1955 – 57 Chevy 210
It’s next to impossible to talk about the Tri-Five without bringing up Chevy’s 150 and 210 series. Of course, the 150 was basically a stripped-down 210, so obviously, the latter gets a lot of love from enthusiasts who value the multiple configurations and options available for the 210.
It’s not just one thing that makes this particular brand of Tri-Five so special. It’s all of it: the variety, space, and body options. The plethora of choice makes the 210 a favored and sought-after classic by enthusiasts and restoration groups alike. Unlike some of the other vehicles on this list, it’s not entirely easy just picking one year for the Chevy 210, because, as mentioned, many different options come with each year of this particular car brand. The 1955 iteration came in two or four-door options, with the four-door hardtop being offered between 1956 and 1957.
And while the 1957 iteration has the most customization options available, the 1955 model, in particular, ushered in the unmistakable look that Chevy’s 210 models are known for, replacing the bulbous bonnet from the previous generation with a more streamlined front-end. The grimacing fascia was also overhauled with a cheese-grater grille and relaxed fog lamps. The smooth side body and wrap-around windshield also became defining traits of the Tri-Five generation.
1955 – 57 Chevy Bel Air
There is no Tri-Five list without the Chevy Bel Air. The car practically defined the era for the company and helped set the stage for the following generation of highly tunable muscle cars. It’s no surprise why classic car enthusiasts and historians see the Bel Air as the burgeoning face of the hot rod generation. It was a perfect combination of style, luxury, and power that made the car stand out so spectacularly among the competition.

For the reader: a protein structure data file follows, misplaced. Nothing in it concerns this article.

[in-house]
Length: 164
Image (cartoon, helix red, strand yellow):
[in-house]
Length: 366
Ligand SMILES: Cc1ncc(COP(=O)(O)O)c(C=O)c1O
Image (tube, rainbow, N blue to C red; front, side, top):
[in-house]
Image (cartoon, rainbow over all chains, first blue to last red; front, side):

Most notably, it was the introduction of the second generation of the Bel Air in 1955 that brought with it all of the features that made its visage a staple entry in American iconography. The two-tone candy-colored paint jobs with white tail-fins and trunk combined with all the chrome trimming, matching chrome hub caps, white-wall wheels, and diner-style interior that helped define the Tri-Five era hot rod.
It wasn’t just style that made the Bel Air stand out, though; it was also the performance of a sports car that makes it an enduring fan-favorite even to this very day. The massive 4.6-liter V8 gives the Bel Air that hardy under-the-hood muscle that makes it a force to be reckoned with on the road. The customization-ready drivetrain is also a persisting trait that makes it so desirable among car enthusiasts to this very day.
The Bel Air is undoubtedly Chevrolet’s most popular Tri-Five era car, and the alternate trims and configurations in two and four-door varieties are what helped sell the car to young and older car shoppers alike.
Finding a Tri-Five Car
After reading about some of these classic American vehicles that helped shape an entire generation of car culture, you might be asking if there are any used cars near you of the Tri-Five variety? Well, if you were shopping for the purposes of restoration or adding to a collection, then it may not be too hard to find a Tri-Five near you.
However, these cars are best used for showroom and model purposes and not everyday use, especially given how they lack all of the modern-day safety features provided by car manufacturers. Even still, there’s something special about a Tri-Five, and whether you seek to own one or not, there’s nothing wrong with admiring a little slice of American car culture from afar.